Seals feed those species of fish which happen to be the most abundant and the easiest to catch at any time. The grey seal's food consists solely of fish, but the diet of the ringed seal includes also crustaceans in addition to fish.
Seals' nutritional requirements vary by seasons. They eat the least during the moult around the springtime and the most towards the end of the summer and in the autumn. An adult grey seal eats on average 4.5–7.5 kg of fish each day and a ringed seal 2.5-3.5 kg. Seals, when obtaining food from fish traps, cause damage by destroying parts or all of the catch and gear.
It has been found that, in the Baltic Sea, grey seals feed on over 20 different fish species and ringed seals on at least 12 different species. The typical prey fish for the ringed seal is small-sized schooling fish and bottom fish (approximately 10 cm in length on average). The grey seal's prey fish is bigger in size. The seal diet varies by areas. Baltic herring is the most important source of nutrients in the Baltic Sea for both the grey seal and the ringed seal. Other important species in this respect are sprat, whitefish, vendace and other salmon type fish. A specially important prey fish for the ringed seal is the three-spined stickleback.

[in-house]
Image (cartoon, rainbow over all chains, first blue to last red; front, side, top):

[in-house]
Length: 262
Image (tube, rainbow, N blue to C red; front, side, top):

Over 400 three-spined sticklebacks were found in the
alimentary tract of a certain ringed seal.
Photo: Mia Valtonen
Baltic seals – balancing between sustainable ecosystem management and fisheries (ECOSEAL)
Hylkeen saalistuksen vaikutukset kalakantoihin ja erityisesti lohikantoihin (in Finnish)